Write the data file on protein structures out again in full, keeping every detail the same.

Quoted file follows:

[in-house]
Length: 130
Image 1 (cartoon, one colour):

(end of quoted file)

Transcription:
[in-house]
Length: 130
Image 1 (cartoon, one colour):